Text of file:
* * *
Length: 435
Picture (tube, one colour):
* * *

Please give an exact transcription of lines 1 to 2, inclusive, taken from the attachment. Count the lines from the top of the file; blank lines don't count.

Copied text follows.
Length: 435
Picture (tube, one colour):